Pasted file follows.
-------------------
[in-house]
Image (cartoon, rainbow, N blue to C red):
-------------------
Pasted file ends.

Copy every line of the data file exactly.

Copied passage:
[in-house]
Image (cartoon, rainbow, N blue to C red):